|16||Virginia||2019||ACC||East||3||beat . Georgia Tech 2004|
|17||UNLV||1991||Big West||West||2||Beat UCLA 2006|
|18||Cincinnati||1960||MVC||West||4||Beat Gonzaga 2017|
|19||Ohio St.||2007||Big Ten||Midwest||11||beat . Michigan 1989|
|20||Arizona||2015||Pac-12||West||10||Beat San Fran 1956|
|21||Syracuse||1987||Big East||East||12||beat Virginia 1981|
|22||UTEP (TX W)||1966||Ind||West||6||beat Marquette 1977|
|23||Duke||2011||ACC||East||9||beat Uconn 1999|
|24||UNC||2005||ACC||East||7||beat Duke 1992|
|25||Georgetown||1984||Big East||East||11||beat Maryland 2002|
|Other||Arizona||1997||Pac-10||West||9||lost to UCLA (1972) 63-78|
|Other||Auburn||2019||SEC||South||11||beat Arkansas 1994|
|Other||Michigan St.||2009||Big Ten||Midwest||14||beat Ohio St 1960|
|Other||Missouri||1982||Big 8||West||12||Beat Loyola 1963|
|Other||Oklahoma||1985||Big 8||Midwest||13||beat Purdue 1969|
|Other||Purdue||2018||Big Ten||Midwest||8||lost to Indiana (1976) 57-69|
|Other||Wake Forest||1996||ACC||East||16||beat Kentucky 1996|
|NIT||Arkansas||1994||SEC||South||6||lost, 2nd chance NIT|
|NIT||Cincinnati||2002||CUSA||Midwest||9||lost, 2nd chance NIT|
|NIT||Duke||1992||ACC||East||10||lost, 2nd chance NIT|
|NIT||Kentucky||1996||SEC||East||1||lost, 2nd chance NIT|
|NIT||Louisville||1980||Metro||South||8||lost, 2nd chance NIT|
|NIT||Loyola||1963||Ind||West||5||lost, 2nd chance NIT|
|NIT||Marquette||1977||Ind||West||11||lost, 2nd chance NIT|
|NIT||Marquette||2003||CUSA||East||13||lost, 2nd chance NIT|
|NIT||Maryland||2002||ACC||East||6||lost, 2nd chance NIT|
|NIT||Michigan||1989||Big Ten||Midwest||6||lost, 2nd chance NIT|
|NIT||Ohio State||1960||Big Ten||Midwest||3||lost, 2nd chance NIT|
|NIT||Oklahoma St||1946||MVC||South||10||lost, 2nd chance NIT|
|NIT||Purdue||1969||Big Ten||Midwest||4||lost, 2nd chance NIT|
|NIT||San Francisco||1956||CBA||West||7||lost, 2nd chance NIT|
|NIT||Syracuse||2003||Big East||West||8||lost, 2nd chance NIT|
|NIT||Virginia||1981||ACC||East||5||lost, 2nd chance NIT|
The 7 teams that are still alive in the tournament but I do not rank in the Top 25 are listed as "other" and I took 16 great teams who were upset or played a great game against a great team before losing - and those teams were not considered for the top 25 but I have put them in a "consolation" NIT - most notably the Kentucky team that was stunned by Tim Duncan and Wake Forest.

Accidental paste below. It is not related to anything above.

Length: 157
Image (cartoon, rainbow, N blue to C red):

UCLA 1972 looked like the best team entering the all-time great basketball tournament, but Oregon 2017 gave them a run so we dropped them down to 7th behind a few teams that really looked impressive. On the flip side, the team it looked like we most underestimated may have been Memphis 2008. They had the most lopsided win of the tournament with an 82-52 win that was a slight upset against the 8th seed in the South. We rank them 3rd for the moment - the problem is one of the two teams that looked even better is Kansas from the same year - which won the actual game between the two in overtime to claim the 2008 title - so this 1 vs. 9 is scary.
We left Indiana 1976 at No. 2, leapfrogging Kansas over them but dropping UCLA behind them. However, they face a unique challenge as well next round. Even though we only moved Purdue 2018 up to No. 15 after their narrow win against Cincinnati 2002, they hit so many 3-pointers that they could pull a shocker over Indiana if they are hot - or the dice are lucky. Here is our updated Top 25 with all teams still alive listed as other. We list the conference in which they played, where we first seeded them and in what tournament, and finally their second round result followed by updated brackets at the bottom.